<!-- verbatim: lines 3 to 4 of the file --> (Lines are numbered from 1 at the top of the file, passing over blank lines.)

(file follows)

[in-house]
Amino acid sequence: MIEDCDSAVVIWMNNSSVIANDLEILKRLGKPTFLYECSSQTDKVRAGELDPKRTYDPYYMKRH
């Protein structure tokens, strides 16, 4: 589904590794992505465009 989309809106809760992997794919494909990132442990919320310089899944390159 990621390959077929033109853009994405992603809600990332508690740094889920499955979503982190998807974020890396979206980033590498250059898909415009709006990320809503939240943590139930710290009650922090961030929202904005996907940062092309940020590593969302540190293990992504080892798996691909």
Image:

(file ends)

């Protein structure tokens, strides 16, 4: 589904590794992505465009 989309809106809760992997794919494909990132442990919320310089899944390159 990621390959077929033109853009994405992603809600990332508690740094889920499955979503982190998807974020890396979206980033590498250059898909415009709006990320809503939240943590139930710290009650922090961030929202904005996907940062092309940020590593969302540190293990992504080892798996691909």
Image: